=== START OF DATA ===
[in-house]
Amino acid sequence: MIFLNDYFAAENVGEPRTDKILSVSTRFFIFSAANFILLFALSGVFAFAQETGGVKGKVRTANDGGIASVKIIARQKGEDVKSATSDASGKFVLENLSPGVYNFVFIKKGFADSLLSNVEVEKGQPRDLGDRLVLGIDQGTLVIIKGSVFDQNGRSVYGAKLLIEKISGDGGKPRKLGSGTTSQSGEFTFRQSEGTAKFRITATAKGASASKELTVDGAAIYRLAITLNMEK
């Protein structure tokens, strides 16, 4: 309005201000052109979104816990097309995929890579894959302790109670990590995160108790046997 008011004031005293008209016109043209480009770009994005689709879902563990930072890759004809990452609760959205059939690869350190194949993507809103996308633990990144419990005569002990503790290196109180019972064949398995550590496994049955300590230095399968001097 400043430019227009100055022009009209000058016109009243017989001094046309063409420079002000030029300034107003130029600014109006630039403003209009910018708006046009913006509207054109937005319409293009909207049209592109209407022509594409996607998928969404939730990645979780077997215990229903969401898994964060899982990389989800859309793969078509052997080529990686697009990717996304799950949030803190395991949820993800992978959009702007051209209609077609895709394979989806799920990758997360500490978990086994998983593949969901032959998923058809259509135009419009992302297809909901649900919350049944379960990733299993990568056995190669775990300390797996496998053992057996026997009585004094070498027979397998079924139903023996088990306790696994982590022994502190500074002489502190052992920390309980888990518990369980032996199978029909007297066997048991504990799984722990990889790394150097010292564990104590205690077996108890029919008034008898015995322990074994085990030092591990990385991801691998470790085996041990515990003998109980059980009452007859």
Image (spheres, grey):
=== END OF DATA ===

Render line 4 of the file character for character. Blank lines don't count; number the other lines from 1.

Image (spheres, grey):